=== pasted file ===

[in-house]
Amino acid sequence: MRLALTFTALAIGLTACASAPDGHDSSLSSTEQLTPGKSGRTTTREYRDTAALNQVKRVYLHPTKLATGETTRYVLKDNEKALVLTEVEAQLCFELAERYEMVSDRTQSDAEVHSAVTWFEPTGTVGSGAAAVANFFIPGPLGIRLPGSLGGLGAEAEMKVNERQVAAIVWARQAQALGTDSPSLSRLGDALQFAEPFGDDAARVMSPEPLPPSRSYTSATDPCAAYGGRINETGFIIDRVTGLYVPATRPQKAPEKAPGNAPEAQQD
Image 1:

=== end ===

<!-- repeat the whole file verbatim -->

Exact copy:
[in-house]
Amino acid sequence: MRLALTFTALAIGLTACASAPDGHDSSLSSTEQLTPGKSGRTTTREYRDTAALNQVKRVYLHPTKLATGETTRYVLKDNEKALVLTEVEAQLCFELAERYEMVSDRTQSDAEVHSAVTWFEPTGTVGSGAAAVANFFIPGPLGIRLPGSLGGLGAEAEMKVNERQVAAIVWARQAQALGTDSPSLSRLGDALQFAEPFGDDAARVMSPEPLPPSRSYTSATDPCAAYGGRINETGFIIDRVTGLYVPATRPQKAPEKAPGNAPEAQQD
Image 1: